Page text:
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Breakthroughs: Successful Local Strategies for Affordable Housing
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March 2008
Volume 7, Issue 2
 
          

Parking Regulations and Housing Affordability


A picture of off-street parking in San Francisco, California.
Many communities have begun taking a harder look at minimum parking requirements and their effects on neighborhood design, transportation, and housing affordability. This article briefly explores the link between minimum parking requirements and housing affordability, and highlights three cities that have revised their parking codes in an attempt to promote compact, affordable, and transit-oriented communities.

Minimum Off-Street Parking Requirements

Minimum off-street parking requirements are an integral component of zoning codes that are adopted by communities to avoid traffic congestion and overcrowded on-street parking. They are typically based on parking generation rates published by the Institute of Transportation Engineers (ITE) and may result in surplus parking. A typical parking space, including aisle area required to maneuver, takes up 300 square feet. This translates to increased development costs, especially in areas where real estate prices are high. Though usually hidden, these development costs are nonetheless passed on to the homebuyer.

Some communities are reducing minimum off-street parking requirements as an incentive to promote the development of affordable housing. Studies show a strong correlation between household income and vehicle ownership. Since low- and middle-income residents may own fewer or no vehicles, reducing parking requirements for affordable housing developments will decrease the cost of housing and make additional space available to increase the number of units.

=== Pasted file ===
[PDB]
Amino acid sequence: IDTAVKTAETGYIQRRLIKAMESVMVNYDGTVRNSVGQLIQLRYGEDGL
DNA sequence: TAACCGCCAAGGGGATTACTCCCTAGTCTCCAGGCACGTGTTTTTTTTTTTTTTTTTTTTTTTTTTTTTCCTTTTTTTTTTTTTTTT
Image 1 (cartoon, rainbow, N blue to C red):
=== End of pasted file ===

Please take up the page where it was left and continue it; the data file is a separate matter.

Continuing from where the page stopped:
Strategies for parking management being adopted by some cities include the elimination or reduction of minimum parking requirements based on density, car ownership rates, and availability of public transit; adoption of maximum parking requirements; allowing shared parking; and unbundling the cost of parking from the price of housing.

San Francisco, California

San Francisco is a transit-friendly city that has retained its historic character and the scale of its walkable neighborhoods. According to the 2000 Census, 30 percent of all households in San Francisco do not own a car and more than 50 percent of households living within transit-rich areas are car-free. A 1997 University of California, Berkeley study found that single-family housing without off-street parking sold for an average of $46,391 less than housing with off-street parking — affordable to 24 percent more area households.